Mike Crosby was busy planting his suburban Tauranga garden with as many fruit trees as he could fit in when he noticed something was missing – bees. A bit of internet research later and Mike had plans for a topbar hive, a DIY hive that lets bees build their comb beneath a wooden bar, thought to mimic nature more closely than a box-style hive. He now has two topbar hives and a three-box Langstroth hive – the latter contains 20,000 to 30,000 bees, while the topbar hives hold fewer. (More information about topbar hives available here)
Mike and wife Helen have so far this year had 30kg of honey from the box hive, “liquid sunshine”, but he says the real pleasure in keeping bees is the difference it has made to the fruit on his 900 square metre section, which include nectarines, apples, citrus, macadamia, guava, bananas, persimmons, feijoas, tamarillos and avocado, as well as berries, grapes, passionfruit, vegetables and self-pollinating figs.
“The plums, especially, have been dripping with fruit since we got bees, but everything has become really productive.”
Having bees has meant a change in the way Mike gardens.
“I used to use insecticides but stopped that when I got the bees. The only thing I use now is a bit of spraying oil and only on things that aren’t in flower – and I haven’t noticed a detrimental change to the garden. In fact, everything seems to get on fine without the insecticides. My main concern now is what others around me might be using on their flowers.”
Although he bought his first swarm, Mike has since captured wild swarms, saying the insects are “fairly calm” when they’re establishing a new home.
“It’s quite incredible the way a colony works,” Mike says. “They all have their own place and their own job.
“They love it when the sun hits the hive, their whole mood changes. But they get pretty cranky in wet and windy weather.”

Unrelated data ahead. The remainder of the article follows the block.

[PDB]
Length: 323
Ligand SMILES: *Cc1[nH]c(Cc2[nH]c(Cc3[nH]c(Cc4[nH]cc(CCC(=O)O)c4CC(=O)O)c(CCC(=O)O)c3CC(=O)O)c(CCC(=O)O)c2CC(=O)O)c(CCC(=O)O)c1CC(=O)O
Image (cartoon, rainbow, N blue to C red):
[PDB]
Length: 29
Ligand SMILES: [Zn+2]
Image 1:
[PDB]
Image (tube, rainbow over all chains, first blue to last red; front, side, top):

Mike, who says he has rarely been stung, tends his hives year-round but doesn’t collect honey over the winter, leaving it for the bees to use as food.
“It’s interesting to go to the hives every couple of weeks and see how my mates are doing.
“It’s quite incredible the way the colony works, they all have their own place. If you watch the pattern they fly in they’re obviously talking to each other.”
Dennis Crowley, president of the Tauranga branch of the NZ Beekeepers Association, has helped Mike get set up – all hives need to be registered and a registered beekeeper needs to check hive health for hobby beekeepers.
Parasitic varroa mites are the biggest pests for beekeepers. Dennis describes a mite on a bee as being relative in size to a rat on a human. Some bees can have three or four mites on them. If a hive isn’t treated for varroa, Dennis expects the bees to all be dead within 12 months. (More information about varroa)
Mike recommends Practical Beekeeping in New Zealand by Murray Reid and Andrew Matheson as a useful reference book. It has been in print for 25 years and was last revised in 2011.